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Why Corlys Velaryon Is Black (& No It’s Not A Problem)



Corlys Velaryon is Black in House of the Dragon, a fact that has caused some unfortunate responses but is actually good for the show and makes sense to boot. House of the Dragon is a Game of Thrones prequel, but it’s going to be a very different show in a lot of ways. That certainly goes for its timeline, which begins roughly 200 years prior the story of Jon Snow, Daenerys Targaryen, and all the rest. But it will be true in myriad other ways, from its Targaryen-centric civil war plot and dragon vs. dragon warfare, to how the story is told, what it’s adapting (an in-universe history book rather than a novel series), and the people tasked with bringing the show to life.


For one, House of the Dragon has been co-created by George R.R. Martin, alongside Ryan Condal (who is co-showrunner with veteran Game of Thrones director Miguel Sapochnik. Martin has greater oversight and influence than he did on most of Thrones, which itself should help the show succeed. There’s also an enviable array of talent in front of the camera, including Paddy Considine as King Viserys Targaryen, Matt Smith as Daemon Targaryen, Emma D’Arcy as Rhaenyra Targaryen, Olivia Cooke as Alicent Hightower, Eve Best as Rhaenys Targaryen, and Steve Toussaint as Corlys Velaryon.

It’s the latter of those that has sadly caused a mixture of confusion and consternation, since it means Corlys Velaryon is Black. There are, inevitably, qualms about things like “book authenticity,” though much of the backlash stems from a far less genuine (and rather more racist) place. There should be no arguing with the showrunners deciding Corlys is Black, but exploring the decision further shows that it does indeed make sense, and is a good step for the show and the wider Game of Thrones franchise.

Is Corlys Velaryon Black In The Books?

In what some may proclaim as the biggest “gotcha” of the discussion around House of the Dragon’s casting, Corlys Velaryon is not Black in any of the books in which he’s mentioned, including Fire & Blood. But, at the same time, he is also not not Black. Simply put, Corlys’ skin color is never described on the page, meaning there’s no reason he can’t be portrayed by a Black man in House of the Dragon. Yes, he is of Valyrian descent and, yes, they are largely known for their pale skin as well as silver hair and violet eyes (the latter two attributes Corlys does have in the books, and just wait until people find out what Toussaint’s real eye color is…). But there is no definitive there; nothing to claim ALL those of Valyrian descent have pale skin.

While House Targaryen may have largely interbred, but the same wasn’t true of other Houses. The Velaryons’ ships served as dragons of the sea, carrying them all over the known world, and Corlys’ mother isn’t described. It’s perfectly possible that she too was Black, and that Corlys inherited genetic traits from both his parents. The Velaryons are only briefly featured in A Song of Ice and Fire, with a Cersei Lannister chapter from A Feast for Crows noting they “came from old Valyrian stock, however, and some had the same silvery hair as the dragonkings of old.” Likewise, The World of Ice and Fire book mentions the “great beauty of the Valyrians – with their hair of palest silver or gold and eyes in shades of purple not found amongst other people.” Thus it can be taken these are the two most defining traits, rather than skin color.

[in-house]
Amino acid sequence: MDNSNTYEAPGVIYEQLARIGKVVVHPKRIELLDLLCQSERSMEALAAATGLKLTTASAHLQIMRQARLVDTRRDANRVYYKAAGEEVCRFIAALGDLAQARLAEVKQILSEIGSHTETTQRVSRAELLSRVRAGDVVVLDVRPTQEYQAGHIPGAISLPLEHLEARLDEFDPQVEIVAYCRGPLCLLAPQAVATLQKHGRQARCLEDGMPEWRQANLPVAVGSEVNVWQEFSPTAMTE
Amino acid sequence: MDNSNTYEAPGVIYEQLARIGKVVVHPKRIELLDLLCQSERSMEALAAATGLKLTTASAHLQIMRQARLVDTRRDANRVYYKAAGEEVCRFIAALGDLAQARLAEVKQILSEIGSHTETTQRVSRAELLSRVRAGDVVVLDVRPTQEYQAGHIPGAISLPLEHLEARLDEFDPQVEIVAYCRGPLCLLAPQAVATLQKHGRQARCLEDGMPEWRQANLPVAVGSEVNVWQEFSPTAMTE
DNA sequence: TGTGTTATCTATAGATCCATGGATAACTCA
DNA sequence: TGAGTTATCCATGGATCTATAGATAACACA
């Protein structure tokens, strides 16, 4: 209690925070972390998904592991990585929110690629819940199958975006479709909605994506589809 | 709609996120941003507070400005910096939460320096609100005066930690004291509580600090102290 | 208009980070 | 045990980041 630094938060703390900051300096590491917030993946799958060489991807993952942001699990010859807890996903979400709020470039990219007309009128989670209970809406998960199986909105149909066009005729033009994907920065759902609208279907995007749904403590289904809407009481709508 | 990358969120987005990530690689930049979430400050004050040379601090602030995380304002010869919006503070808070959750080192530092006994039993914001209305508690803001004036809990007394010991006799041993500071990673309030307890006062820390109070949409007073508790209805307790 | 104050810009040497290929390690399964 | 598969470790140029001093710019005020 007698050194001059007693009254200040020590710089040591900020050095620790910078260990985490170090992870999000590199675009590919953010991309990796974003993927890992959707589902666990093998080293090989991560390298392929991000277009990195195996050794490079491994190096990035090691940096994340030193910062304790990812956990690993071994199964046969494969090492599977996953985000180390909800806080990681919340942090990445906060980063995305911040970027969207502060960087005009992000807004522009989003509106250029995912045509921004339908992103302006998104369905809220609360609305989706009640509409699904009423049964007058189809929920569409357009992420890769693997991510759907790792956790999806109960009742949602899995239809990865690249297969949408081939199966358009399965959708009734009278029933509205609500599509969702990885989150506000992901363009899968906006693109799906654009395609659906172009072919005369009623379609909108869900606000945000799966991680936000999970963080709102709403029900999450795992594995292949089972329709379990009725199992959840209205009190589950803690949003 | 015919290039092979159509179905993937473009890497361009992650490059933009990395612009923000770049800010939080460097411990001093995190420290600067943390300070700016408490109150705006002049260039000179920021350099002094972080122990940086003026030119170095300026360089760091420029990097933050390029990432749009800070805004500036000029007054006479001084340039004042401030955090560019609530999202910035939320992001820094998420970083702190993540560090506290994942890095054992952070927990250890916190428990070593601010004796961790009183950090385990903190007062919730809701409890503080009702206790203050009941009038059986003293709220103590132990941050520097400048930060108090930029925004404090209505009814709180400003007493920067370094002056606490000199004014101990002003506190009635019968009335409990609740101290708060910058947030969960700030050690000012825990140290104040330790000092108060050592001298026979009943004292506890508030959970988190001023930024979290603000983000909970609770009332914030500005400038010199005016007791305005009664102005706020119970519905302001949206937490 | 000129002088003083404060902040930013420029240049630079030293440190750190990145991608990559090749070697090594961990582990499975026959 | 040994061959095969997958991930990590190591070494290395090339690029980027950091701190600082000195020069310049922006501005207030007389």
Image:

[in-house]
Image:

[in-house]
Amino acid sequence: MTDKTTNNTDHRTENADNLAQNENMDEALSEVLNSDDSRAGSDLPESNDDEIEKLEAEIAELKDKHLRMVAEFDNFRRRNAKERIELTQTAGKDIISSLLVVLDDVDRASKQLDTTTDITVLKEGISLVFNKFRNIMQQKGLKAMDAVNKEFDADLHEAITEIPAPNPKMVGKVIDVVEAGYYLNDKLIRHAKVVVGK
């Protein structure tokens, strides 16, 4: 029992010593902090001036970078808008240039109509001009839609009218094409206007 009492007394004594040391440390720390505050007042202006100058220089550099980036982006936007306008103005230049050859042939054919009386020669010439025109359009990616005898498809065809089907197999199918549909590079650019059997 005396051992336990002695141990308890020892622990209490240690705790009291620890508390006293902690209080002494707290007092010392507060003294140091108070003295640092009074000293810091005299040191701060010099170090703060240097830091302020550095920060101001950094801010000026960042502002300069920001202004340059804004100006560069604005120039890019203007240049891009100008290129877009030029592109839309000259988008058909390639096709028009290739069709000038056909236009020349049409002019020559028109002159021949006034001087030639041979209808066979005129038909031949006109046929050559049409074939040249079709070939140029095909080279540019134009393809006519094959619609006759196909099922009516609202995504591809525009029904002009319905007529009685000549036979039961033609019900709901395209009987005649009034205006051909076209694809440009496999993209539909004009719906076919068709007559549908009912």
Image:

Another common complaint around Corlys being Black is the apparent impact it has upon other storylines, most notably the children his son, Laenor, supposedly has with Rhaenyra Targaryen. It’s widely rumored (and almost certainly true) that Laenor is gay and Rhaenyra’s kids are bastards she conceived with Harwin Strong, a Knight, as they all have the same brown hair as him rather than Laenor and Rhaenyra’s Valyrian locks. The point, though, is that the children don’t look like Laenor, so again skin color doesn’t really have to enter into it; if Rhaenyra’s children are white, then it is still only a suggestion of their true parentage rather than outright confirmation.

Why Corlys Velaryon Is Black In House Of The Dragon

Among the many criticisms of Game of Thrones both during and after its run concerns its lack of diversity. Also the show did cast people of color, few were in prominent roles. Those that were often took on parts such as slaves, like Missandei  and Grey Worm liberated by the white Daenerys. Again, there’s the argument of the source material – most characters are white, or thought to be – and the show, because it ran for almost an entire decade, lived long enough to span societal and cultural change. Whereas its predominantly white cast (and white, male writing and directing team) may not have been seen as such a major issue in 2011, it was by 2019. Part of that is attitudes changing and progressing, part is that the show probably could have done more.

That’s the opportunity House of the Dragon has taken: a more diverse, inclusive cast and crew that can offer greater representation. Having Corlys Velaryon be Black is part of that, as well as simply casting the right man for the part (Toussaint is a screen veteran, and images of him as Lord Velaryon should be enough to show he’s nailed the character; if not, the House of the Dragon trailer does a convincing job). Speaking to EW, Ryan Condal himself explained the change, saying:

“Long, long ago when he was conceiving of this world, [Martin] himself had considered the idea of making Velaryons a race of Black people with silver hair that essentially came from the other side of the ocean and conquered Westeros. That’s a fascinating idea and that always really stuck with me because it’s such a stark image. I just thought, ‘Well, why couldn’t we do a version of that now?'”

Why Corlys Velaryon Being Black Is Good For House Of The Dragon